Dear E & V,
Your life is defined as much as what you do as what you do when there is nothing to do. Boredom can be demotivating and energy-sapping, or it can be the path to a rich and rewarding life…
My life has been defined by the itch to always be doing — anything else is boring. Often times you’ll get to a point in your own life where something blocks your doing.
Sometimes it’s internal (TV addiction), sometimes it’s external (lack of money).
Sometimes that block is worthwhile and only requires time or creative thinking to overcome (having children).
Other times that block is unwanted and requires significant internal and external resources to overcome (getting out of a soul-crushing job).
The overwhelming itch to do can make you despondent when it feels like it will never be scratched. A popular manifestation of this is the midlife crisis — though since you apparently start being bored with your job at 35 this crisis seems to hit a bit earlier than midlife.
There are healthy and unhealthy ways of dealing with this existential crisis:
Unhealthy: have affairs, buy luxury cars, go into debt to furnish a new wardrobe or house, or leave their families and travel the world, etc.
Healthy: switch jobs, go back to school, take up a new hobby, or quit working 50 hours weeks to spend more time with their kids, etc.
Either way you’ll have to find some way to deal. Hopefully you’ll cope in a healthy way and leave yourself and those around you better people because of it.
Boredom — no matter what the magnitude — can be an activity for great personal growth if harnessed correctly. They key is not to force resolution.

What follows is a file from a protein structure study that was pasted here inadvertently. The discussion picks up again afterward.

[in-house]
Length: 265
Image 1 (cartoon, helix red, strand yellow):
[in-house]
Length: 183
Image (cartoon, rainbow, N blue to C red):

Dabble in different healthy activities and see what makes you happy. Maybe reigniting your high school soccer career at 32 won’t solve your life crisis, but taking a cooking class will.
Have fun with the experimentation of trying different things — in solving your boredom the journey is what makes the resolution. But don’t be afraid to stop something you don’t think will work (or will take you down an unhealthy path). Don’t try to force your happiness by throwing money at the problem with new gadgets or new looks.
If you’re struggling to figure out which activities will take you in a healthy direction and which will end up with your life down a darker path, I recommend this (very paraphrased) advice from Friedrich Nietzsche:
Live your life like it will only be lived once, and live it like it’s your own work of art.
I am a Father, Husband, Cowboy Philosopher, Volunteer Firefighter, and Professional Dilettante. I am nothing and I am everything. But when it comes to our relationship: I only wish you wonder and happiness.